In line with the 2014 National Curriculum we aim to ensure that all pupils:
- know and understand the history of the UK as a coherent, chronological narrative.
- know and understand significant aspects of the history of the wider world
- gain and deploy a historically grounded understanding of abstract terms such as ‘empire’ and ‘civilisation’
- understand historical concepts, and use them to make connections, draw contrasts, analyse trends and frame historically valid questions
- understand the methods of historical enquiry
- gain historical perspective by placing their growing knowledge into different contexts
History is taught through a topic approach. Each year group can expect to focus on different historical aspects throughout the academic year. We aim to develop the children’s historical understanding through the use of primary and secondary sources, in order to foster research skills and an empathy with the past.
Here at St Mary's, we are very fortunate to be located in an area that is rich with historical events and we strive to celebrate such history. Pupils can therefore expect to learn about local history such as the 'Windrush,' the role of the Docks during World War II and the Roman settlements in the local area.
Topics are informed by the national curriculum and are sensitive to children’s interests, as well as the context of the local area. The history curriculum at St Mary’s is carefully planned and structured to ensure that current learning is linked to previous learning and that the school’s approaches are informed by current pedagogy.
We encourage the children to develop their historical skills and knowledge as they develop an appreciation and understanding of history being “who we are and why we are the way we are.” David McCullough.
Here at St Mary’s, our children are encouraged to draw upon prior learning and build upon this. This will be scaffolded to support children to recall previous learning and make connections. Teachers are encourage to model explicitly the subject-specific vocabulary, knowledge and skills relevant to allow the children to integrate new knowledge into larger concepts.
In ensuring high standards of teaching and learning in history, we implement a curriculum that is progressive throughout the whole school. History is taught as part of a half-termly topic, focusing on key knowledge and skills. Teachers plan exciting, creative lessons and are encourage to incorporate a variety of sources of evidence, such as visits and visitors (Prior to COVID -19), artefacts, books and the internet.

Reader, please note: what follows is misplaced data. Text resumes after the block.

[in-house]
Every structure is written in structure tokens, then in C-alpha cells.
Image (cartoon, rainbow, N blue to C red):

The impact of this is to ensure that children at St Mary’s are equipped with historical skills and knowledge that will enable them to be ready for the curriculum at Key Stage 3 and for life as an adult in the wider world. By the end of the children’s primary education, we aim for the children to have a chronological understanding of British history from the Stone Age to the present day. They should be able to draw comparisons and make connections between different time periods and their own lives.
History is typically recorded in pupils 'Creative Curriculum' books and should typically reflect examples of all four strands (chronological awareness, knowledge and understanding, historical concepts and organise, evaluate and communicate information). Some of the evidence will involve photographic evidence or teacher’s notes where the activity has been one of discussion or drama. Pupils will also be encouraged to follow a picture with some independent (where possible) writing, which will explain what they covered that lesson and what they had learnt. St Mary's encourage pupils to transfers their skills and therefore, it can also be the case that 'History work' is also being covering in other subjects and therefore children's work may be found in other work books.
Teachers assess children’s knowledge, understanding and skills in History by making observations within class and by analysis of their written evidence. As part of our assessment for learning process (and in line with our school’s marking policy), children can expect to receive either verbal and written feedback as a means of development. While assessing the children's work, teachers are expected to refer back to the assessment grid provided by the subject leader.